Thursday, November 17, 2005

Cool films!

50-something y/o man with no significant past medical history prior to 3-4 months ago, when he developed progressive shortness of breath and required oxygen treatment. His evaluation elsewhere led to a diagnosis of BOOP on a surgical lung biopsy, and he was started on steroids-initially 20mg/day. He failed to improve, and a few weeks later his prednisone was bumped to 40mg/day, and then a few weeks later he had still failed to improve and his dose was increased to 60 mg/day.

A few weeks later, he was admitted to another hospital with continued dyspnea, and transferred to our institution, where he quickly developed respiratory distress. The following CT scan was obtained, and he was transferred to the ICU.






Questions:
1) What intervention led to a rapid improvement in this patients acute respiratory decompensation.

2) What is the the differential diagnosis for the other two findings on this CT scan

3) What steps would you take to further evaluate and treat the patient?

8 comments - CLICK HERE to read & add your own!:

Dany Obeid, MD said...

Well, first treating the Pneumothorax will improve his symptoms.....
second: he has boopp injury pattern on biopsy that is steroid nonresponsive..I want to R/O infection first

Dany Obeid, MD said...

What is his immunological status?

Jeff H said...

Yes, he felt much better after chest tube placement.

As far as we know, he is immunologically normal. He has no history of skin or sinopulmonary infections. He has children.

For the sake of arguement, let's presume that we don't know the previous biopsy "results."

He has been bronched before, and no infectious organism has been found.

He has had two previous CT scans over the past few months, and each was consistent with the shown CT scan; one exception is that the cavitary lesion is new.

Jim Online said...

It is more informative for me. This is indeed a help to people who are not aware of their conditions. At times potential diseases comes subtly causing us to relax. When the disease is already critical, that is the only time we worry. The good thing is that concerned people are willing to provide the necessary information.

Eugene O said...

DDx includes lymphangitic spread, DIP, NSIP, LIP, UIP, sarcoid, WG, etc. Would get serology and UA (RBC casts). Anything suggestive of malignancy on routine labs or mediastinal/hilar LAN on mediastinal windows ?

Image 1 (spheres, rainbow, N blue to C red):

Arenberg said...

I have to disagree with one comment in that this is definitely NOT UIP, and almost certainly not NSIP either given the rapidity with which this has occurred. I still worry about infectious causes and I would add drug reactions to whatever the differential is.

I cannot imagine what would cause such rapid cavitation, but would agree to add Wegener's granulomatosis to the list (and other vasculitides as well) and secondary infections to the list now that he has been immunosuppressed for a few weeks.

Jennings said...

To add: It almost looks like crazy paving (ala Pulmonary alveolar proteinosis), but the cavitary lesion would not support this.
How about CMV? Was the shell Ag found in BAL?

Jeff H said...

Sorry I didn't update this yesterday--I'm in the process of moving and away from my computer.

Nice comments. All serologies, including ANCA and anti-GBM have been negative. There is no history or findings on the biopsy to suggest malignancy.

So, to bring it all together, our first goal (after placing a chest tube) was to obtain the slides from the surgical biopsies. These were reviewed with our pulmonary pathologist, who felt this was, indeed, PAP (pulmonary alveolar proteinosis).

There is a third diagnosis as well. BAL fluid grew out Nocardia.

So, three diagnoses:
1. Acute Pneumothorax
2. PAP
3. Nocardia (presumably due to the steroid-induced immunosupression).

The patient is now on Bactrim, and plans are underway for a whole lung lavage.